Other than multiple sclerosis, myelin damage can be caused by any number of common and uncommon conditions. These include:
• Infections
• Inflammation
• Metabolic disorders
• Certain medications
• Excessive alcohol use
• Stroke
• Vitamin B12 deficiency

Figure 3 – a demyelinated neuron in multiple sclerosis compared with a normal neuron

Therefore, it is not surprising that trigeminal neuralgia is more common in patients with multiple sclerosis than in the general population. For these patients, their facial pain can be confused with other pain, particularly dental pain. People with MS are 20 times more likely to experience trigeminal neuralgia than those without MS. Neuropathic pain is a common symptom in patients with MS. Among the different types of neuropathic pain, TN is a characteristic and difficult-to-treat neuropathic pain condition, with a relevant impact on the quality of life. Patients with MS experiencing TN find that daily life activities, work, mood, recreation, and overall quality of life can be disrupted.

Trigeminal Neuralgia Secondary to MS

Trigeminal neuralgia secondary to MS is, like the classical TN, characterized by a sudden, brief, jabbing, and electrical shock-like, recurrent pain with a distribution that is consistent with one or more branches of the trigeminal nerve. The paroxysmal attacks last from a fraction of a second to two minutes, and are typically provoked by simple stimulating of skin or mucosa of the face and/or mouth. The pain can be triggered by every day routine activities such as chewing, talking, brushing teeth, or by being outside in a light breeze. However, features that should raise the question of trigeminal neuralgia due to MS or other autoimmune conditions include:

Bilateral trigeminal neuralgia

It is extremely uncommon that classical trigeminal neuralgia occurs on both sides of the face, or bilaterally. In MS, an estimated 18% of patients reported to have bilateral trigeminal neuralgia. Therefore, any patient presenting with bilateral facial pain requires a very detailed work up with particular attention to ruling out MS as its cause.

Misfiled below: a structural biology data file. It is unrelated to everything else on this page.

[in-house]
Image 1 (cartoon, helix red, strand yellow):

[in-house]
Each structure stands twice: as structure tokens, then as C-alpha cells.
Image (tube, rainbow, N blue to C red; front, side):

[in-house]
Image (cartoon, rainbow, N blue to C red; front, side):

Pronounced sensory changes

Patient who complain of significant sensory symptoms, either tingling or numbness on the face are more likely to have an autoimmune condition, including MS. This is even more likely if patients have additional sensory symptoms on other parts of body, including feet and hands.

Continuous/constant pain from the onset of facial pain

Patients with continuous face pain can misattribute the pain to dental pain. Bearing in mind that facial pain could be a symptom of MS-related trigeminal neuralgia, it is always helpful to keep this possibility in mind, especially before considering any major dental work. On the other hand, some patients with TN secondary to MS, such as patients with other types of TN, suffer from concomitant continuous, dull or burning pain between attacks of electric shock pain. The area of continuous pain is the same area of paroxysmal pain and the intensity of pain fluctuates between the episodes of those paroxysmal pain cycles. Therefore, a detailed history in addition to a sensory exam is very important to make a correct diagnosis and work up.

Younger age of onset, particularly below age 40

It is rare for people under 40 to experience classical trigeminal neuralgia so, for those in this age range, it is particularly important to consider other causes of TN such as MS.

How Trigeminal Neuralgia Due to MS Can be Diagnosed

If after a detailed history and exam, if your physician suspects the possibility of MS as the potential reason for TN, a proper work up needs to be initiated which includes:

Magnetic Resonance Images (MRI)